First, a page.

Outdoor News is commemorating the fantastic Lake Mille Lacs
walleye bite of 2002 with its first-ever, special edition Print of
the Year. In a painting entitled “Bite of the Century,” wildlife
artist Ron Nelson captures the big story on Lake Mille Lacs this
The image (shown on Page 1) marks the first submission in an
annual series of wildlife art that depicts a definitive moment or
image from the pages of Outdoor News in a given year.
“I don’t think anyone can remember a walleye bite on Lake Mille
Lacs like the one we saw this past summer,” said Glenn Meyer,
Outdoor News publisher. “When Ron and the staff discussed what
scene best summed up the Minnesota outdoors scene in 2002, we
quickly agreed on an angler releasing a big Mille Lacs
The 2002 limited-edition print represents the first installment
in an annual series of commemorative artwork that the newspaper
will publish. With the debut piece, Outdoor News is publishing only
500 artist-signed-and-numbered copies.
“This is the first in what we expect will be an annual
tradition,” Meyer said. “Next year, Ron may depict a new state
record whitetail or muskie. Who knows?
“That’s part of what’s fun about this concept. Our readers
sportsmen will help us determine the subject matter for Ron to
paint in future years.”
About the artist
The artist behind the artwork, Ron Nelson, 34, of Eden Prairie,
also coordinates the layout and design of Minnesota Outdoor News
every week. Readers will recognize his distinctive style since he
regularly illustrates stories in the paper.
An amateur artist since grade school, Nelson openly admits his
affinity for painting waterfowl and his goal of eventually winning
the Minnesota state duck stamp competition. He’s entered the
contest four times, most recently in 2002. He was a finalist out of
45 entries in 2000.
The son of a career U.S. Air Force accountant, Nelson moved to
Minnesota with his family at age 8. He remembers doodling pictures
of dinosaurs and more contemporary wildlife, particularly
waterfowl, as a youngster.
In fifth grade, a teacher at Nelson’s Forest Hills Elementary
School in Eden Prairie recognized his budding talent. That teacher,
Jo Shipka, of Edina, is retired now, but Nelson still attributes
his success in art to her encouraging words.
“She pushed me to do artwork probably after noticing that I
didn’t pay attention enough in class because I was drawing all the
time,” Nelson said, laughing. “We still stay in touch with
Christmas cards every year.”
But more than painting captured the imagination of the stout
youth from Eden Prairie. Some of his fondest memories are of an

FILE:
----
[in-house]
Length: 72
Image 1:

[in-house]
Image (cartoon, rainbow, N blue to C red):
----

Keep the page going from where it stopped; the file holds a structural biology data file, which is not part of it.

annual waterfowl hunting trip to the Roseau River Wildlife
Management Area with his father, Elton.
“We’d go on a week-long trip every year with my dad and his work
buddies. We hunted ducks, geese, and grouse,” he recalls. “It was a
Elton Nelson passed away in 1995, but Ron continues making
weekly trips to northwest Minnesota and North Dakota, sometimes
multiple times per fall, with boyhood chum, Ken Nyquist, also of
The combined interest in hunting and art was a natural
combination in a state that has produced many excellent wildlife
artists. Indeed, Nelson counts wildlife art legends Les Kouba and
David Maass as his great inspirations. He made it a personal
priority to meet both gentlemen, and he succeeded. By happenstance
in the mid-1980s, he saw and introduced himself to Kouba at the
Greenbush VFW during a waterfowl hunting trip in northwest
Minnesota. Last summer, he sat down one-on-one with Maass in his
“Those were the guys I looked up to as a kid. Their images are
what you remember when you’re in the marsh,” he said.
Serious art instruction for Nelson may not have occurred without
the help of another person, his mom, Anne. She enrolled Nelson in
weekly classes at the Edina Art Center from 8th grade through high
“That’s where I honed my skills and developed a firm
understanding of background and lighting,” he said. “In art,
lighting is what it’s all about.”
During college at St. Cloud State, he picked up classes in
graphic art design, eventually graduating with a degree in graphics
and a minor in advertising in 1991. Since earning his degrees,
Nelson has worked in advertising design, and in 1998, he became the
chief layout and design guru for New Hope-based Outdoor News. His
drawings and paintings have been a great addition to the paper.
“Being an outdoorsman, it’s been a great place to work,” Nelson
said. “Glenn (Meyer) pushed me on this project, and I hope readers
find it intriguing.”
Now married, Nelson has a 11/2-year-old son, Cole, whom he
anticipates will join him in the duck blind someday. His wife of
nine years, Leanna, is a teacher in the Wayzata School
In “Bite of the Century,” Nelson says he tried to depict what
some people considered a sometimes negative, ongoing story Mille
Lacs under the microscope (again) during the summer of 2002 in a
“I wanted to put a positive spin on what really was an
incredible bite,” Nelson said. “It’s a big, healthy fish and it’s
being released for another angler to catch another day.”
Besides his work at the newspaper, Nelson has created community
programs and school event covers in Eden Prairie but “Bite of the
Century” represents his first published work of art.
That is except for Nelson’s Christmas cards, which are famous
around the office. The covers usually depict some species of
waterfowl, or Nelson’s canine pride and joy, Barley, a 105-pound,
41/2-year-old yellow Lab.
Don’t get Nelson started on his poorly-oiled waterfowl
retrieving machine. Ever since an infamous training incident with a
pigeon (Barley ended up swallowing the dummy), the dog has mostly
stayed home during Ron’s fall waterfowl excursions.
“Let’s see, Barley has eaten a pigeon, a duck, and once in front
of five guys with their championship black Labs, a goose,” Nelson
said. “He’s a couch potato, but he looks good doing it.”